After dwindling commercial success in the early 1990s, Duran Duran returned to the UK Top Five and US Top Ten with this album, which has been certified Gold in the UK and Platinum in the US. The singles "Ordinary World" and "Come Undone" reached the US Top 10 of the Billboard Hot 100.
The cover art by Nick Egan features wedding photos from the parents of the four band members.
Recording of the album was completed in early 1992 with an impending release by Capitol Records in the United States. Duran Duran's new management company, Left Bank, was distressed at the apparent lack of enthusiasm for the album and had it pulled from the release schedule. Manager Tommy Manzi later told HitQuarters it was the industry that were unenthusiastic about the return of the band rather than the music consumer. Manzi said that industry insiders "laughed at" Left Bank while they worked on reviving the careers of not only Duran Duran but also Meat Loaf because they would rather focus on "the next hip band" than perceived "old" acts. As it happened, the album reached No. 4 in the UK Albums Chart, their highest charting album since 1983's Seven and the Ragged Tiger.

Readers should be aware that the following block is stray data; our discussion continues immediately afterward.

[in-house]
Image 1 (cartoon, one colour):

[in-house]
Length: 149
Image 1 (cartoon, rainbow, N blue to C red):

In the UK, three singles from the album reached the Top 40 including "Ordinary World" (#6), "Come Undone" (#13) and "Too Much Information" (#35). Four singles taken from the album charted in the US: "Ordinary World" (#3), "Come Undone" (#7), "Too Much Information" and "Drowning Man". "Breath After Breath", a collaboration with Milton Nascimento, was released only in Brazil, "None of the Above" in Japan and "Femme Fatale" (cover of The Velvet Underground song) in France. The song "Sin of the City" is about the Happy Land arson fire that killed 87 people trapped in an unlicensed social club in New York City on 25 March 1990. The short track "Shotgun" is a kind of a cover of the 1965 single of the same name by Jr. Walker and the All Stars.
During the hiatus while waiting for the album to be released, the band began working on what would become the Thank You album, with John Jones, and a Warren Cuccurullo-derived riff of "First Impression" led to the rapid inclusion of the song "Come Undone".